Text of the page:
3. Biochemical tests: Elevated lactate dehydrogenase (LDH) levels, decreased (or undetectable) haptoglobin levels, elevated serum unconjugated bilirubin levels (usually <4 mg/dL).
4. Urinalysis: Elevated urobilinogen levels, hemoglobinuria (positive dipstick test).
5. Other studies specific for individual types of HA:
4) Beta-thalassemia syndromes: Absence of hemoglobin A (HbA) and elevated hemoglobin F (HbF) levels in Hb electrophoresis in homozygotes. Heterozygotes may produce small amounts of HbA and in 50% of cases have increased HbF; all have increased hemoglobin A2 (HbA2) fractions.
5) Sickle cell disease: Howell-Jolly bodies in RBCs, absence of HbA, increased sickle hemoglobin (HbS) and HbF levels in Hb electrophoresis, presence of sickle cells.
6) Warm antibody AIHA: Positive direct antiglobulin test (with anti-IgG or anti-C3d antibodies).
7) Cold agglutinin disease: Positive direct antiglobulin test (with anti-C3d antibodies), RBC agglutination observed by light microscopy, increased mean corpuscular volume (MCV) (apparent macrocytosis caused by RBC aggregates), monoclonal protein testing.
8) PNH: Deficiency of glycosylphosphatidylinositol-associated proteins (GPI-AP) in granulocytes and RBCs observed on flow cytometry.
6. Bone marrow examination: Increased erythropoiesis, frequently with megaloblastic features.
7. Imaging studies: Spleen enlargement and/or cholelithiasis are observed on ultrasonography in some types of hemolytic anemia.
Anemia of varying severity, typically normocytic and normochromic (exceptions: above), with increased serum LDH and unconjugated bilirubin levels, decreased haptoglobin levels, and often increased reticulocyte count.
Other types of anemia.
1. Secondary HA: Treat the underlying condition. Discontinue the drugs that may cause hemolysis.
2. Severe symptomatic anemia: Transfusion with the least incompatible PRBCs.
3. Chronic HA: Lifelong administration of folic acid 1 mg/day and oral vitamin B12 1000 microg daily to support ongoing erythropoiesis. Iron therapy only in patients with a documented absolute iron deficiency (see Iron Deficiency Anemia) (however, it is contraindicated in the majority of cases).
1. Warm antibody AIHA: Administer glucocorticoids (oral prednisone 1 mg/kg/d) for several weeks, then taper the dose down to the lowest level that maintains remission and negative antiglobulin test results. Hb levels usually increase after 1 to 3 weeks of treatment. In patients with severe hemolysis, consider high-dose IV methylprednisolone. In steroid-resistant, steroid-intolerant, or steroid-dependent (>15 mg/d after a few months of therapy) individuals, consider IV rituximab 375 mg/m2 once a week for 4 consecutive weeks (most commonly used; sometimes in conjunction with glucocorticoids as a first-line therapy) or consider splenectomy or a trial of another immunosuppressive agent (oral azathioprine 100-150 mg/d, oral cyclophosphamide 100 mg/d or 500-700 mg/d IV every 3-4 weeks, cyclosporine [INN ciclosporin] in doses adjusted to serum drug levels, oral mycophenolate mofetil 0.5-1 g bid). In steroid-resistant patients, particularly in the case of hemolytic crisis, plasmapheresis with intravenous immunoglobulin (IVIG) administration (1 g/kg for 2 days or 1 dose of 2 g/kg) may be used. Syk inhibitors may be effective in refractory cases.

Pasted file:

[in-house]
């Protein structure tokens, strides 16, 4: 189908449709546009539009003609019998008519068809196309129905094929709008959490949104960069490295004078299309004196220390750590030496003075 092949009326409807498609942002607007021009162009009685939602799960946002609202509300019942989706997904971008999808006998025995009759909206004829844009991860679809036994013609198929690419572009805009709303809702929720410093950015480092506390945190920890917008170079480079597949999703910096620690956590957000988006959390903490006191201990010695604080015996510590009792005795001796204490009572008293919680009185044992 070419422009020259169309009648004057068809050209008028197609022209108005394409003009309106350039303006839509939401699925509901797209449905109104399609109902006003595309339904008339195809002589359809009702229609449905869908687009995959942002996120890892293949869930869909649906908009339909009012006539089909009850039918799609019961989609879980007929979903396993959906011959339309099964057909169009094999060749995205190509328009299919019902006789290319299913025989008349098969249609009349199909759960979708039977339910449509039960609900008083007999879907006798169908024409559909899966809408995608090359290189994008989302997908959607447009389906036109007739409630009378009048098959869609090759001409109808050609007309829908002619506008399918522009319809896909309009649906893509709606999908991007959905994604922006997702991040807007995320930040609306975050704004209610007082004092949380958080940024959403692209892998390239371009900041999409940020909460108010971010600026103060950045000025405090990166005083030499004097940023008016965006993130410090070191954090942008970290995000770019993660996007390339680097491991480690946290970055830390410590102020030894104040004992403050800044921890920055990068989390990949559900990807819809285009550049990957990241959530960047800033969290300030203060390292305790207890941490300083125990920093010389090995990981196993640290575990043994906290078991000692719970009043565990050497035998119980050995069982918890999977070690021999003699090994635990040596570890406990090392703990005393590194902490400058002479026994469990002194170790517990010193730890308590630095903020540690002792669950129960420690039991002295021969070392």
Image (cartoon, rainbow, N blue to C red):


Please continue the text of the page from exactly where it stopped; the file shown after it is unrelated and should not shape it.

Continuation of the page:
2. Cold agglutinin disease: Treat the underlying condition. In the majority of patients avoidance of exposure to cold and wearing appropriately warm clothing is sufficient to prevent hemolysis. Warm PRBCs and IV fluids; avoid blood products with a high amount of complement (platelets, fresh-frozen plasma). In patients with severe disease consider IV rituximab (375 mg/m2 on day 1) with IV bendamustine (90 mg/m2 on days 1 and 2) for 4 cycles given every 28 days; or alternatively rituximab with fludarabine (a less effective and more toxic treatment). Consider IV rituximab as monotherapy, 375 mg/m2 on days 1, 8, 15, and 22 in patients not eligible for the abovementioned combination therapy. If urgent suppression of antibody titers is necessary, perform plasmapheresis. IVIG may also reduce hemolysis in acute crises. Acute cold agglutinin disease due to mycoplasma infection usually responds promptly to glucocorticoids and/or IVIG and rarely produces long-lasting disease.
3. Thalassemia syndromes (see Thalassemia).
4. Sickle cell disease (see Sickle Cell Disease).
5. PNH: In the classic form of the disease (GPI-AP absent in >50% of granulocytes; overt intravascular hemolysis) treatment is necessary in patients with clinically significant symptoms and complications. Eculizumab or ravulizumab is the therapy of choice. Allogeneic HSCT is the only “curative” treatment that can eradicate the PNH clone. In case of thromboembolic complications, use standard antithrombotic treatment, with secondary prophylaxis with a vitamin K antagonist; in stuations with increased thrombotic risk use primary prophylaxis with heparin. In patients with moderate or severe anemia, consider danazol 200 to 600 mg/d in 3 divided doses. Supportive treatment includes PRBC transfusions, supplementation of iron and folic acid, and growth factors (erythropoietin and granulocyte colony-stimulating factor [G-CSF] in the case of bone marrow failure). In atypical forms of the disease treatment depends on the coexisting type of bone marrow failure (aplastic anemia, myelodysplastic syndrome).